How many kilos should you gain during pregnancy? Recommendations

By (embryologist), (embryologist), (embryologist) and (embryologist).
Last Update: 05/12/2022

Weight gain during pregnancy is a common concern for the expectant mother. The pregnant woman feels a great responsibility, since she knows that the baby depends on her to obtain all the nutrients necessary for its development.

However, it is not necessary for the pregnant woman to double the amount of food she eats. This could lead to excessive weight gain during pregnancy, which is not recommended for her or the baby. However, it is also not advisable to gain too little weight during pregnancy.

Therefore, for a healthy pregnancy, weight gain should be monitored, but without obsessing about it. Ideally, pregnant women should eat a varied and balanced diet, with plenty of fruits and vegetables and avoiding unhealthy foods such as processed foods

Total weight gain in pregnancy

The weight a pregnant woman should gain is related to her pre-pregnancy body mass index(BMI). To calculate BMI (weight/height2), the woman should multiply her height in meters by her height (also in meters) and record the result.

Subsequently, by dividing your weight in kilograms by the number entered, you will obtain the BMI. Thus, depending on the calculated pregestational BMI, it will be advisable for the pregnant woman to gain more or less kilos during pregnancy.

  • BMI less than 18.5: with low weight, a total weight gain in pregnancy of between 12.5-18 kilos is recommended.
  • BMI between 18.5 and 24.9: with a normal weight, the kilos gained with pregnancy should be between 11.5 and 16.
  • BMI between 25 and 29.9: if overweight, weight gain during pregnancy should be between 7 and 11.5 kilos.
  • BMI greater than 30: if pregnancy begins with obesity, weight gain should be between 5 and 9 kilos.

However, it will always be the specialist who monitors the pregnant woman's weight gain to avoid possible complications.

Total weight gain in a twin pregnancy

If the pregnancy is a twin pregnancy, it is obvious that the pregnant woman will have to gain more weight. Depending on your pre-pregnancy BMI, this weight gain will be:

  • BMI between 18.5 and 24.9: it is recommended to gain from 16.8 to 24.5 kilos.
  • BMI between 25 and 29.9: if the pregnant woman is overweight, weight gain should be between 14.1 and 22.7 kilos.
  • BMI greater than 30: with obesity, weight gain should be controlled to be between 11 and 19.1 kilograms.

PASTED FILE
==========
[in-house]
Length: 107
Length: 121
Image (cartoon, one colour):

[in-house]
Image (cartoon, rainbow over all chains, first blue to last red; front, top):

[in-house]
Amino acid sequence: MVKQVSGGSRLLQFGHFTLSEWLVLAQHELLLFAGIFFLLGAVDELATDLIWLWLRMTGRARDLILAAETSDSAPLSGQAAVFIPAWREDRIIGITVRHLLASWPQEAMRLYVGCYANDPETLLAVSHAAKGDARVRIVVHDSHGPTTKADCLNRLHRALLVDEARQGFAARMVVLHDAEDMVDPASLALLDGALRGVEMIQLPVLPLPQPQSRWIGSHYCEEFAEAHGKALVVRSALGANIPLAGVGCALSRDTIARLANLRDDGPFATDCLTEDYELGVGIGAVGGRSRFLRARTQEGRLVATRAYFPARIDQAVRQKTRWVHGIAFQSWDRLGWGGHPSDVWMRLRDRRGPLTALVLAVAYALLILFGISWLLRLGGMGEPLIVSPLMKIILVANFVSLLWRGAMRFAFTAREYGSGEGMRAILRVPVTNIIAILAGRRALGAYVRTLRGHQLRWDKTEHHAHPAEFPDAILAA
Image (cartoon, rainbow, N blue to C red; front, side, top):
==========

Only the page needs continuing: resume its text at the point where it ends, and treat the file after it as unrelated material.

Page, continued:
As can be seen, the recommended weight gain in a twin pregnancy is considerably higher than in the case of singleton gestation.

Weight gain in each trimester of pregnancy

Although it is common to hear that during pregnancy you should gain one kilo month by month, the total weight gained by a pregnant woman is not acquired uniformly throughout pregnancy. Weight gain varies according to the woman's trimester of pregnancy:

First trimester
during the first trimester of pregnancy, the pregnant woman may gain little or no more than a kilo or two of weight. Fetal size is still small and, in addition, many women often do not have an increased appetite due to morning sickness.
Second trimester
in the second trimester, the pregnant woman will gain an additional 6-6.5 kilos.
Third trimester
during the third trimester, the pregnant woman will gain another 5-6 kilos.

Therefore, during the second and third trimester, the pregnant woman will gain an average of half a kilo per week. However, this weight gain is slightly higher in the second trimester than in the third.

Why do we gain so much weight during pregnancy?

One of the doubts that may arise during pregnancy is about why so much weight is gained, if the baby at birth weighs only about 3.5 kilos. However, it should be noted that the kilos gained are also distributed in other tissues and structures that contribute to gestational weight gain, approximately as follows:

  • Placenta: about 700 g.
  • Uterus: 1 kilo.
  • Amniotic fluid: 800 g.
  • Breast: 400 g.
  • Blood: 1.5 kilos
  • Fat deposits: about 3.5 kilos.
  • Extravascular fluid: 1.5 kilos

This also explains why much of the weight gained during pregnancy will be lost at the time of delivery.

Tips

The main recommendation that a pregnant woman should keep in mind to control weight gain with pregnancy is to eat a varied and balanced diet that provides all the necessary nutrients for her and the baby from healthy foods. Therefore, it will be better to avoid excess sugars and fried foods and opt for baking, roasting or steaming.

If necessary, the pregnant woman can turn to a nutritionist to help her develop a diet that includes all the nutrients she needs at this special time.

In addition, it is equally important to do exercise adapted to pregnancy, such as pilates or simply walking (unless contraindicated by a specialist).

On the other hand, it is essential that the pregnant woman attends all gestational check-ups and respects the indications given by her gynecologist, since he is the one who best knows the particular situation of the pregnant woman.

Finally, it should be noted that in order to keep a more accurate control of the weight gained during pregnancy, the ideal is to always weigh yourself on the same scale and, for example, always when you get up.

FAQs from users

How much weight should I gain during pregnancy?

By Silvia Azaña Gutiérrez B.Sc., M.Sc. (embryologist).

There is no maximum weight limit that is generally applicable to all pregnant women. The recommended gestational weight gain will depend on the woman's body mass index (BMI) at the time of pregnancy.

Thus, an underweight woman should gain more weight during pregnancy than a woman with a high BMI (overweight or obese).

In the case of a woman with an adequate weight (BMI between 18.5 and 24.9), she should gain between 11.5 and 16 kilos during pregnancy.

However, it should be taken into account that the recommended weight gain will be higher in the case of twin or multiple gestation.

How much weight does a pregnant woman gain in the first trimester?

By Silvia Azaña Gutiérrez B.Sc., M.Sc. (embryologist).

In the first trimester of pregnancy, some pregnant women hardly gain any weight, while others may gain about 2 kilos.

The typical nausea of the first trimester and the small size of the baby mean that the weight that the pregnant woman gains in these first weeks of pregnancy is not very high.